There’s no doubt that the property market can be a tough battle to enter. Particularly, when there’s a slew of other buyers with their eyes on the same prize as you.
If you’re looking to buy a property to occupy or to use an investment property and it’s not available for private sale, then it’s essential that you arm yourself with the best strategies to ensure maximum success.
With auctions being so emotionally charged, doing the necessary preparation and potentially working with a buyer’s agent (also known as a buyer’s advocate) will help to prevent you walking out of the auction having overpaid or missed out on a great buy.
Here’s some tips to give you an edge next time you’re at an auction.
Do Your Research
If you’re going to be attending and bidding at an auction, it’s important to do your research on the market so you have some level of expectation before walking in. Start by looking at the clearance rates for the previous month so you can get a sense of what the level of interest from buyer’s is going to be. A clearance rate above 60% is going to indicate that the auction is likely to be more competitive. However, don’t let this deter you from still participating, as you never know what interest is going to be like on the day.
While in the market to buy, try to get to as many auctions as you can (if you have the time, otherwise a buyer’s agent might be your best option), even if you’re not planning to bid, as these present are a fantastic opportunity to get a feel for the process and to learn what other bidders are doing.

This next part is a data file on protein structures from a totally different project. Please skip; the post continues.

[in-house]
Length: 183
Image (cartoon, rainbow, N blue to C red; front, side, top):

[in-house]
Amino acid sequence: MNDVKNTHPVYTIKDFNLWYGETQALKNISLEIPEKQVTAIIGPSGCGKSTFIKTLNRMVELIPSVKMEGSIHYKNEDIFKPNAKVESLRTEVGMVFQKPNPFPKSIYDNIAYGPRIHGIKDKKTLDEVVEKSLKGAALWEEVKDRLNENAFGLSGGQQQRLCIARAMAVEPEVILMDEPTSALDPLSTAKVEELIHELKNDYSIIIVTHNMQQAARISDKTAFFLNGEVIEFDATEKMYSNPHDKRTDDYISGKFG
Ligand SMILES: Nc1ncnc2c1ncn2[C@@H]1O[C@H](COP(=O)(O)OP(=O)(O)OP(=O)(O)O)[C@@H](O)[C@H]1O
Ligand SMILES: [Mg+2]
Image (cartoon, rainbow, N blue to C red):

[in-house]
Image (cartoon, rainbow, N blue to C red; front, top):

Know Your Strategy
Going into an auction, it’s crucial to have a strategy for how you want to bid. Do you want to start proceedings off with a high bid or wait for the end of the auction once other bidders have shown their cards?
If you start the bidding off early with a low offer, you may offend the seller. Whilst this may not seem like a big deal at first, this could come back to hurt you when going into negotiations. Or you may want to start with a large bid that takes out much of the competition. However, this could reduce your chances of nabbing a bargain as you push the purchase price up.
Many bidders at auction find success by coming into an auction during the second half once the bidding has calmed down. However, the risk that you could face is being too late to bid and missing the chance to submit your bid before the auctioneer has hit the gavel to confirm the sale.
Ultimately, whether you’re planning to bid early or late, it’s important to bid with confidence so that other participants know that you mean business. This may be crucial in them deciding to bow out when it comes to a bidding war.
Don’t Forget Your Budget
It can be incredibly tough going into an auction if you’ve fallen deeply in love with the property you’re bidding on. Auctions are designed to generate the best possible outcome for the seller and auctioneers are experts at working the room to push the purchase price as high as possible.